Approximately one-third of bank consumers contacted their bank about a problem in the past 12 months. One quarter say they are “very satisfied” with how their issue was resolved, while 42% feel “satisfied” and a third feeling “less than satisfied” with the outcome. Of consumers who were very satisfied, 58% gave the bank more business, while 32% of consumers very dissatisfied with the problem-resolution experience closed some or all of their accounts.
Reality Check: The formula for consumer complaints and how you handle them is simple. Fix problems = relationship retained and more revenue. Don’t fix problems = lost relationship, lost revenue.
Transparency about fees, charges and guidance on how to avoid them are consistently one of the biggest issues for banks across the globe to tackle. They represent 15% of all problems reported, and are second only to denials of credit/loan requests.
“Banks need to get better at communicating their fees and charges with their consumers,” Boyle says. “The good news is that solving a problem or addressing a complaint creates a critical interaction and a customer’s business.”
Read More: Google Data Reveals Banking Trends
3 Key Improvement Areas for Banks
E&Y’s “2014 Global Consumer Banking Survey” identifies three key improvement areas for banks.
1. Make banking simple and clear. Consumers are constantly flooded with information and struggle to understand choices, charges and changes. To make banking easy for consumerss, banks should be transparent and concise around fees, rates, services and other communications.
People depend on web, mobile, social media, telephone and in-person channels, so banks should offer an omni-channel experience that combines both traditional and digital banking. To stay competitive, financial institutions need to continue building channel capabilities to provide seamless 24/7, real-time access to banking.
2. Help people make the right financial decisions. Many consumers want help developing their financial plans and goals. The banks that provide that advice are likely to grow their businesses. More than 70% of respondents say they would increase business with their provider if advisory services improved. Banks have the opportunity to create a mutual exchange of value by personalizing the experience, based on a holistic perspective of the customer’s unique situation and needs.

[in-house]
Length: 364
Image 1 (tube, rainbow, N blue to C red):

Banks can augment this experience by leveraging both internal and external resources. This could include a skilled network of financial advisors, data about what similar consumers have spent and personal financial management tools that help people save, invest and spend more wisely.
3. Be proactive in anticipating and solving problems. Effective problem solving is vital to any bank-customer relationship. Problems are inevitable, but survey data shows that there is astounding upside if people are satisfied with their problem resolution versus a downward spiral in trust and business if dissatisfied. Making it easy for customers to raise issues, equipping the front line to handle certain problems and escalate others, explaining why the issue occurred and following up to ensure resolution is complete are crucial to successfully handling problems.
Bonus Download: 227 PowerPoint Infographics for Financial Marketers